Article 12 (Freedom of Conscience and Religion), Article 17 (Rights
of the Family), Article 18 (Right to a Name), Article 19 (Rights of
the Child), Article 20 (Right to Nationality), and Article 23 (Right
to Participate in Government), or of the judicial guarantees
essential for the protection of such rights. ”.
By contrast, Article 15(2) of the European Convention
states : “ 2 No derogation from Article 2, except in respect of
deaths resulting from lawful acts of war, or from Articles 3, 4
(paragraph 1) and 7 shall be made under this provision”.
This compares to the International Covenant Relative to Civil and
Political Rights at its Article 4(2) which proclaims: “2. No
derogation from articles 6, 7, 8 (paragraphs I and 2), 11, 15, 16
and 18 may be made under this provision.”.
On this comparative basis,
one can represent schematically the protection offered by each
system, whether universal, American or European by comparing which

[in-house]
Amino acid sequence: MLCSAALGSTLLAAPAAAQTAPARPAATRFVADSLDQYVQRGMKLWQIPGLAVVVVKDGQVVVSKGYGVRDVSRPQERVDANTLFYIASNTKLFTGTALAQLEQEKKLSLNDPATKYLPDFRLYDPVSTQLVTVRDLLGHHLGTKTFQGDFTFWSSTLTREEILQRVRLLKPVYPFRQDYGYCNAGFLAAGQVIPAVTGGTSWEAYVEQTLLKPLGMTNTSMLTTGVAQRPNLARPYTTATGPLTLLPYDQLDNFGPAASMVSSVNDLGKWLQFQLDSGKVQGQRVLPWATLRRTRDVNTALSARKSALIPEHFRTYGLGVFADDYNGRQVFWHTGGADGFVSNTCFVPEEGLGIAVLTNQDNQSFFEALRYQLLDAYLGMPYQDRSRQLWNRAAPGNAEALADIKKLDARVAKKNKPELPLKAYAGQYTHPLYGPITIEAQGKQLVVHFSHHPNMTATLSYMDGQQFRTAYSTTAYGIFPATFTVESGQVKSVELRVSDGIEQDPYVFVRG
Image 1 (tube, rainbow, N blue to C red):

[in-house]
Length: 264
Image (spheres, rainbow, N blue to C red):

rights are non-derogable in all and any circumstances. These cannot
be suspended, limited or otherwise infringed upon in any
circumstances or for any reason whatsoever.
synthesis of these non-derogable rights clearly shows that solely
the rights which are universally recognised, and those of the two
Covenants of 1966, due to their different reach are: the right
to life, the prohibition of torture and inhumane and degrading
treatment, the interdiction of slavery and the principles of
legality and non-retroactivity. Within the concept of legality, it
is important to note that none covers the right to an equitable
judgement and that the European Convention does not contain
the recognition of the legal personality..